The International Finance Corporation (IFC) focused its private sector investments on renewable energy and climate change-related infrastructure and industries, social sector private investments and selectively in agriculture. The IFC provided support to address the impact of the crisis in Bulgaria by helping the recovery of the private sector and reducing job losses. As of February 2014, the IFC has 38 projects (completed and ongoing) in Bulgaria with total commitments of over $981 million. The single biggest investment of IFC in the country is in the field of renewable energy in the form of a loan for the construction of the largest photovoltaic park in Bulgaria. IFC is also involved in a number of sizable investments in various projects in manufacturing sectors, oil and gas, financial markets, and agriculture.
The Multilateral Investment Guarantee Agency (MIGA) has provided 10 guarantees between 1994 and 2006, for a total of $232 million.
As of April 2014, the active portfolio of World Bank-financed projects in Bulgaria consists of three operations with original commitments totaling US$212.9 million equivalent. In addition, one IDF grant (US$0.2 million) is being implemented, and another was completed in August 2013.
The World Bank Group has been partnering with Bulgaria over the last 20 years, providing financing, knowledge and advice. It has provided $ 9 billion in financing for some 90 separate operations in Bulgaria since the transition.
Since Bulgaria joined the World Bank Group in 1990, the total value of its support is roughly US$4 billion, for 45 IBRD operations, 10 MIGA projects, and over 38 IFC projects supporting reforms in areas such as banking, revenue administration, health, social welfare, environmental protection, general manufacturing, agribusiness, infrastructure, and renewable energy sectors. A series of measures were also undertaken to improve the country's business climate.
World Bank-financed projects have helped deliver tangible results:
More than 700,000 people benefited from small social infrastructure improvements and services through the Social Investment and Employment Promotion Project.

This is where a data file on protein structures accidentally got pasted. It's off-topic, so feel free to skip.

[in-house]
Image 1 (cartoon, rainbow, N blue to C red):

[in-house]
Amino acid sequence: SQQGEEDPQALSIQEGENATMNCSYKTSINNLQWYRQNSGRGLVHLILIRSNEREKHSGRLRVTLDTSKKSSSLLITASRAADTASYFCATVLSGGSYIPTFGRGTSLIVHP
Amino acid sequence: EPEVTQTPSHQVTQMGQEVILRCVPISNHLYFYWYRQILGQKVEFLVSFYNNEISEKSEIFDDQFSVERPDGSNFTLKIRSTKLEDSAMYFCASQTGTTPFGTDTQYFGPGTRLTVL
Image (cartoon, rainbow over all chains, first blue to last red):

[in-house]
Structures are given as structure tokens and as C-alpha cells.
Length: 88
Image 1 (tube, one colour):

Supported by the Revenue Administration Reform Project, improvements in revenue administration contributed to increased tax and social contribution revenues by 4.6 percent of GDP between 2002 and 2008, the highest revenue gain among new EU member states.
Turnaround times for registering a real estate transaction and mortgage were reduced to a single day – down from seven days – through the Registration and Cadastre Project.
The active portfolio of World Bank’s financed operations focuses on infrastructure and social inclusion.
The Municipal Infrastructure Development Project seeks to improve the reliability and quality of water provision to communities in selected settlements in the project area, and assist municipalities in investment-planning for the water sector. The Project supports preparation of regional Master Plans for Water Supply and Sewerage systems and completing the construction of three dams that was interrupted about 20 years ago, along with the rehabilitation of a fourth dam that is currently operational.
The Social Inclusion Project (SIP) aims to improve chances of children with marginalized backgrounds, including Roma children. The project will help children below the age of seven from poor and disadvantaged families, as well as children with disabilities, to prepare for school. Because of their social situation, many vulnerable children reach school age and go to school without the necessary preparation. They are not on equal footing with their peers and they drop out early from school. The project will improve their welfare by using early involvement mechanisms, safeguarding their health and education opportunities, and working with parents before the children reach school age.
The Second Trade and Transport Facilitation Projectaims to improve physical infrastructure of the border crossings; more efficient customs formalities, facilities, and procedures; as well as improved communication and sharing of relevant border crossing data and streamlining the operational procedures of the border crossing agencies.